Overall, the systematic review performed by Janson, et al., for the purpose of our findings, is considered the gold standard of smile esthetics. It is considered the gold standard here due to hierarchy of evidence (systematic review) and due to low risk of bias according to Janson, et al.6 They included 20 articles, 13 of which were high quality and 7 which were average quality. In addition, no low-quality studies were included in the systematic review.6 Furthermore, using a grading system defined by Pandis, et al., the introduction of Evidence-Based Clinical Orthodontics, the systematic review is given a grade of 2++.11 A grade of a 2++ means that it is a high-quality systematic review of case controls and cohort studies.11 Current research still continues to show that there is no consensus to the key esthetic features, which should be included in the diagnosis and treatment planning of orthodontic patients.
Materials and methods
A 10-question survey, shown in Table 1, was sent to a randomized sample of orthodontists across the U.S. and Canada via two email blasts through the AAO. The survey was composed of eight questions relating to potential important aspects of smile esthetics and two questions that established the survey demographics.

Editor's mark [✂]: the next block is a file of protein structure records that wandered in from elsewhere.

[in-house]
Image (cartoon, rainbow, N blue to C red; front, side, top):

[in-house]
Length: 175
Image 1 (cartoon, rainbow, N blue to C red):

A finalized copy of the 10-question survey was generated using Survey Monkey. The survey was then forwarded to the AAO for approval. The AAO then sent out an email, including a link to the survey, to a random sample of 2,300 of its members. A letter was distributed with the survey asking for participation as well as an agreement to participate.
The survey link was first distributed on June 8, 2017. Then to increase participation, a second email was sent 6 weeks later on July 20, 2017, to the surveyed population. After data collection, the survey instrument was utilized to compile responses into useful figures and charts. In addition, a t-test was used to provide analyses of responses according to the number of years in practice and gender. (All analyses employed IBM SPSS Statistics v. 24 [IBM Corp. Released 2016. IBM SPSS Statistics for Windows, Version 24.0. Armonk, NY: IBM Corp.]).